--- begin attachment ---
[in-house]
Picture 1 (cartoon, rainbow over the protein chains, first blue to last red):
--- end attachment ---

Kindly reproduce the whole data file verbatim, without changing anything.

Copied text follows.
[in-house]
Picture 1 (cartoon, rainbow over the protein chains, first blue to last red):